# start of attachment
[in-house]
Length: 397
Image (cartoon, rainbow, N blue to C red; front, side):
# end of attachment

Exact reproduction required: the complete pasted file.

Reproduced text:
[in-house]
Length: 397
Image (cartoon, rainbow, N blue to C red; front, side):